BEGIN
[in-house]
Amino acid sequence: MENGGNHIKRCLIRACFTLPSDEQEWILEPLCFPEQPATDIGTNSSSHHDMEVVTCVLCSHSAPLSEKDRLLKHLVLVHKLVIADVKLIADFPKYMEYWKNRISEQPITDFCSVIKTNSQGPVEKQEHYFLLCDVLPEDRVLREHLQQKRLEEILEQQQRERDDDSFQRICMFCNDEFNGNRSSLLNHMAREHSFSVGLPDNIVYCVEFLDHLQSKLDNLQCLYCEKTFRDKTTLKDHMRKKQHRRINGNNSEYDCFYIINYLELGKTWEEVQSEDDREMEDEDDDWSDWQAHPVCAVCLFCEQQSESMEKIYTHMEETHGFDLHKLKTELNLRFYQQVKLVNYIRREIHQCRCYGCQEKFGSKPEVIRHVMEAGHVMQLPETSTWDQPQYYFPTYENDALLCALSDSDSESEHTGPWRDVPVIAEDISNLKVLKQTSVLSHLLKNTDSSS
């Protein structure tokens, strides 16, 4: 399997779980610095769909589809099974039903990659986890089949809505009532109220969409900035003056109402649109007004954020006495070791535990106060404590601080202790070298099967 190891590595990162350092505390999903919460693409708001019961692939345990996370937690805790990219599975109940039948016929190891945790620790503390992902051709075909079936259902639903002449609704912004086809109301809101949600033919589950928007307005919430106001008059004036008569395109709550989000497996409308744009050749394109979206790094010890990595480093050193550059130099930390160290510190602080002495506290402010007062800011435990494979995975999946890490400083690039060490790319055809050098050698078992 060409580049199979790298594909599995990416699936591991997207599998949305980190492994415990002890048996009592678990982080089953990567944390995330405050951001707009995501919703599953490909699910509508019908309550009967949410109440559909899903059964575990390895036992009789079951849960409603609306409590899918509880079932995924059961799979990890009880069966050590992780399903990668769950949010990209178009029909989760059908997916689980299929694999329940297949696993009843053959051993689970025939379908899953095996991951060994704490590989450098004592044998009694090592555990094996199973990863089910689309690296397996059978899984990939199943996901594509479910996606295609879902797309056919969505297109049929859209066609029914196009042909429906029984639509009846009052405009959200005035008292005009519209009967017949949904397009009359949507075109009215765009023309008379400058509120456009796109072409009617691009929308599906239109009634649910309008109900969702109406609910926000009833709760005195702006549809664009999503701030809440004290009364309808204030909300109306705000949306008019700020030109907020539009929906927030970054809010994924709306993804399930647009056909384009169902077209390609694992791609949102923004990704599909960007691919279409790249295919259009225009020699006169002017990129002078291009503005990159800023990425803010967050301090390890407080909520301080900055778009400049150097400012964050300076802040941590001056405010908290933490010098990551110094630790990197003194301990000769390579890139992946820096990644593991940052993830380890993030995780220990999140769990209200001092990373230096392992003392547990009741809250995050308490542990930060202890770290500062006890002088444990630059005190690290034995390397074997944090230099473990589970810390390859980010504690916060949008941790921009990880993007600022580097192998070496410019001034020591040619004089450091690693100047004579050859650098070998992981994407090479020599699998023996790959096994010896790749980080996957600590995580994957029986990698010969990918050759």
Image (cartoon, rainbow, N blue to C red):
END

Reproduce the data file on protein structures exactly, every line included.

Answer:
[in-house]
Amino acid sequence: MENGGNHIKRCLIRACFTLPSDEQEWILEPLCFPEQPATDIGTNSSSHHDMEVVTCVLCSHSAPLSEKDRLLKHLVLVHKLVIADVKLIADFPKYMEYWKNRISEQPITDFCSVIKTNSQGPVEKQEHYFLLCDVLPEDRVLREHLQQKRLEEILEQQQRERDDDSFQRICMFCNDEFNGNRSSLLNHMAREHSFSVGLPDNIVYCVEFLDHLQSKLDNLQCLYCEKTFRDKTTLKDHMRKKQHRRINGNNSEYDCFYIINYLELGKTWEEVQSEDDREMEDEDDDWSDWQAHPVCAVCLFCEQQSESMEKIYTHMEETHGFDLHKLKTELNLRFYQQVKLVNYIRREIHQCRCYGCQEKFGSKPEVIRHVMEAGHVMQLPETSTWDQPQYYFPTYENDALLCALSDSDSESEHTGPWRDVPVIAEDISNLKVLKQTSVLSHLLKNTDSSS
């Protein structure tokens, strides 16, 4: 399997779980610095769909589809099974039903990659986890089949809505009532109220969409900035003056109402649109007004954020006495070791535990106060404590601080202790070298099967 190891590595990162350092505390999903919460693409708001019961692939345990996370937690805790990219599975109940039948016929190891945790620790503390992902051709075909079936259902639903002449609704912004086809109301809101949600033919589950928007307005919430106001008059004036008569395109709550989000497996409308744009050749394109979206790094010890990595480093050193550059130099930390160290510190602080002495506290402010007062800011435990494979995975999946890490400083690039060490790319055809050098050698078992 060409580049199979790298594909599995990416699936591991997207599998949305980190492994415990002890048996009592678990982080089953990567944390995330405050951001707009995501919703599953490909699910509508019908309550009967949410109440559909899903059964575990390895036992009789079951849960409603609306409590899918509880079932995924059961799979990890009880069966050590992780399903990668769950949010990209178009029909989760059908997916689980299929694999329940297949696993009843053959051993689970025939379908899953095996991951060994704490590989450098004592044998009694090592555990094996199973990863089910689309690296397996059978899984990939199943996901594509479910996606295609879902797309056919969505297109049929859209066609029914196009042909429906029984639509009846009052405009959200005035008292005009519209009967017949949904397009009359949507075109009215765009023309008379400058509120456009796109072409009617691009929308599906239109009634649910309008109900969702109406609910926000009833709760005195702006549809664009999503701030809440004290009364309808204030909300109306705000949306008019700020030109907020539009929906927030970054809010994924709306993804399930647009056909384009169902077209390609694992791609949102923004990704599909960007691919279409790249295919259009225009020699006169002017990129002078291009503005990159800023990425803010967050301090390890407080909520301080900055778009400049150097400012964050300076802040941590001056405010908290933490010098990551110094630790990197003194301990000769390579890139992946820096990644593991940052993830380890993030995780220990999140769990209200001092990373230096392992003392547990009741809250995050308490542990930060202890770290500062006890002088444990630059005190690290034995390397074997944090230099473990589970810390390859980010504690916060949008941790921009990880993007600022580097192998070496410019001034020591040619004089450091690693100047004579050859650098070998992981994407090479020599699998023996790959096994010896790749980080996957600590995580994957029986990698010969990918050759």
Image (cartoon, rainbow, N blue to C red):